From a very young age, I have fond memories of my Dad organising his camera gear, making sure the batteries were all charged, he had enough rolls of film (yes that tiny little black roll that most youngsters of today will never know about), lenses clean and tripod in working order, in preparation for weekend wedding shoots. My Dad is a clever man; he thought to make some extra cash on top of his day-job income by becoming a hobby wedding photographer on the weekends. This extra cash meant that our family that consisted of four boys and one girl were able to enjoy an annual holiday at the beach, play in sporting teams and go on school camps as we grew up. So as you can see, the art of photography played a major role in my years of growing up.
As I previously said, the extra cash my Dad earned from wedding photography afforded my family to make the short 35-40 minute drive from Grafton, down to our favourite family holiday destination at Wooli beach. Dad’s self-taught skills in photography were also instilled in me as I developed a natural interest in the art-form. This is where my obsession with the ocean began and my passion for landscape photography grew. Before I was old enough to drive, our summer vacation was the only opportunity I would get each year to be at my favourite place in the world, the beach. Although we only lived a short distance inland from the coast, being immersed in the coastal environment and connecting with the ocean once a year just would not do. So photography became a way, along with the endless handfuls of shells and surf-smoothed stones, that I could capture the salty yet pristine environment, and bring it home with me.
I’ve always been fascinated with nature and had a strong connection with animals and the environment, particularly the coast and aquatic landscapes. As a child and teenager, hell even today as a grown adult, I can attest to rescuing injured animals off the road and raising them as another member of the family to having multiple fish tanks with several aquatic little critters I called my friends. I was also known to be able to capture with my bare hands (safely and humanely) native animals from snakes to a kookaburra sitting in a tree, for a quick observation and kind hello. However, I was happiest and most connected with the water and its inhabitants (still am today) when immersed beneath the surface and swimming among the swell and currents many of our coastal animals call home.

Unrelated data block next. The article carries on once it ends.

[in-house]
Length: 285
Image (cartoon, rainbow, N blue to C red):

This brings me to my main reason as to why I enjoy landscape photography and started my coastal culture collection. The health of our natural environment sustains us all, without it, we truly have nothing. The joy I get from taking beautiful imagery of the coast and coastal hinterland is a constant reminder of its resilience and fragility. Whilst I get great pleasure from watching people’s faces light up when they see my photos, the flow on conversations I have about how amazingly natural and beautiful our beaches and the importance of keeping them pristine, is an experience that continues to inspire me to keep taking photos.
I hope this post has given you a little bit more of an insight into my photography world. As you have read, landscape photography is so much more than beautiful imagery printed on a canvas. It’s an art-form that has opened up doors and provided new experiences and opportunity for me, created and strengthened connections with my family and natural environment and lastly, given me a greater appreciation of our incredible coastal environments and the need to protect them for as long as we possibly can.
I hope that you have enjoyed my story and my view. Feel free to share and keep an eye out for my next blog post or sign up to the newsletter and get it instantly sent to your inbox. Enjoy!